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Contamination feared as Russia explores 'lost world'

Written by: Staff
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MOSCOW, March 3 (Reuters) Hidden about four km beneath the ice near the South Pole lies a lake that scientists believe represents a lost world, harbouring organisms sealed off from the rest of the planet for millions of years.

Russian researchers are drilling down through the ice towards Lake Vostok as they seek to unlock the secrets of what some say is the last great unexplored frontier on earth.

The lake under the Antarctic ice is uniquely important precisely because it is so pristine, but all that could be lost forever if the tiniest particle of outside matter is allowed in when the Russian drill pokes through into the water.

Many experts say ultra-clean technology to pierce through to the lake without contamination is not yet ready.

Yet Russian scientists have already drilled down to within about 130 metres (430 feet) of the lake and -- defying misgivings from their peers in other countries -- say they will break through by 2008.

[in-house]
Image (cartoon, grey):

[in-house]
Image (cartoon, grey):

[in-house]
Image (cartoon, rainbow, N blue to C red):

''The drilling will continue,'' said Valery Lukin, head of the Russian Antarctic Expedition. ''We are not violating any rules.

If our activities don't suit people, what can I say?'' ''It's like this: who was the first to fly to the moon? The Soviet Union or the United States? That time the Americans won and we halted our lunar programme,'' he told Reuters.

''Now this time we are going to be first. So what? We just got luckier, that's all ... It's all been turned into politics. Some people don't like (what we are doing) because it is not them doing it.'' Russian scientists finished their latest stint of drilling earlier this year, rushing to beat the onset of the Antarctic winter in a spot where the coldest temperature ever -- minus 89.2 Celsius -- was recorded.

They bored 27 metres (89 feet) deeper towards the lake and plan to start again in December.

PRISTINE Antarctic has more than 70 sub-glacial lakes. They exist because the pressure of the ice above keeps the water from freezing. But Lake Vostok, at between 15 and 20 million years old, is thought to be the oldest.

Exploring the lake will be like taking a journey back through time to discover what life looked like before man appeared on earth, say scientists.

More Reuters PR GC0948

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